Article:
A New Era for Education
It’s a dreary Thursday morning. The skies have blackened but the rain has held off so far. I am about to meet Dr Siphiwe Mthiyane, a Lecturer in the School of Education at the Edgewood campus in Pinetown. I’m running a little late, due to a truck-filled N3, worried that the former school principal will give me a lashing for my tardiness. But to my surprise, he envelopes me with warmth, flashing a smile that erases any worry.
When we finally start chatting, I realise that it has been a busy year for Mthiyane. He graduated this year with a Doctor of Philosophy degree, supervised seven students who also graduated this year and published more than five academic papers with colleagues. Currently, he is involved in a number of research projects and he also visits high schools regularly to motivate Grade 12 learners ahead of their daunting end-of-year exams.
How does he do it all?
‘You just have to focus,’ he said. ‘You have to be dedicated in what you do. I tell my students that you have to have a goal and once you have that goal, you have to be dedicated to see it through.
‘I also work with very supportive colleagues. Through their motivation one had no choice but to do one’s work in order to get this [PhD] done. I was never under pressure to do a PhD because the University wanted me to do it … I did it because I wanted to.’
Much of the work for Mthiyane’s thesis, titled “Dynamics of school-based violence: exploring school governing bodies in addressing school violence in post-conflict South African schools” was completed last year.
‘I had finished most of the work on my thesis last year but I realised that I couldn’t submit for last year’s graduation. So I did the final touches and waited for examiner reports to come back and I graduated this year,’ he said.
Together with Professor Vitallis Chikoko and Dr Inba Naicker, he is conducting research on school leadership development. The School of Education has a programme called the Advanced Certificate in Education - School Leadership (ACE-SL) aimed at developing serving principals, heads of department and other aspiring school leaders.
‘As researchers we saw this as an opportunity … All over the world there is a feeling that if you develop the leadership of the school, chances are this will rub off on the manner in which the teachers lead, manage and teach the learners in the classroom.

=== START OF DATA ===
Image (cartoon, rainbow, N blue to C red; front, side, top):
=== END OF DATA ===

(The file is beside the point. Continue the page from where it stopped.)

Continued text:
‘We have a new South Africa with new ways of doing things. We are coming from an oppressive, racist and sexist past. We are now moving into a new era of democracy where even the manner in which we lead, govern and manage our schools has to change. That is what we are teaching our students: the new ways of leading and managing schools which are in line with our Constitution,’ he explained.
Another project Mthiyane is working on is in the area of school decline, school choice and learner demographic changes or migration in desegregated schools in Durban.
‘If you go to township schools, you will still not find White, Coloured or Indian children there, even though officially there is no rule or law which says they cannot attend those schools. I’m not aware of any schools in the townships which has attracted other races. What has happened is that the road has been one-way. Africans are moving to former Coloured, Indian or White schools. But we are also observing that when African, Coloured and Indian learners enrol at these schools, the White learners tend to dwindle. In the community there are still White learners, but they are not attending local schools.’
As part of the research, teachers and principals have been interviewed on their opinions of this phenomenon. ‘Perhaps if we have access to parents later on, we will also want to find out from them where they are sending their children and why are they not sending them to the schools that they themselves attended.
‘It is very interesting because you still find that these schools have largely White principals and teachers, but the majority, if not all the learners, are Black (African, Indian and Coloured). Why are staffrooms not changing in line with the learner demographics? That is what I am researching.
‘What I am finding is that a number of wealthy Indians and Whites are removing their children from these schools into private schools. Is it because of issues of education quality or is it because of issues of class or racism? We don’t know, hence the need for this research.’
The research will be published early next year, according to Mthiyane.
Before joining UKZN in 2009, Mthiyane was a principal at a school in Inanda for 10 years and he feels strongly about regularly visiting high schools to motivate Grade 12 learners.
‘I go to schools on invitation and I address mainly Grade 12s. I talk to them about a host of things that young people may need to know, especially about graduating from high school to university and the demands of a university. But I also motivate them before they write their trials or end-of-year exams,’ he said.
As someone who always strives for excellence, Mthiyane believes that one needs to work hard to achieve one’s goals. ‘I’m not sure if I’ve achieved success, but its hard work, sacrifice, planning and commitment. The reverse is also true: lack of commitment, discipline and persistence are major causes of failure. I share these ideas with students whenever I am afforded an opportunity.’